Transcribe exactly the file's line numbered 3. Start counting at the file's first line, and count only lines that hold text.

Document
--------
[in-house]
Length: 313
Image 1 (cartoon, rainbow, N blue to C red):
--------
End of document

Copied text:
Image 1 (cartoon, rainbow, N blue to C red):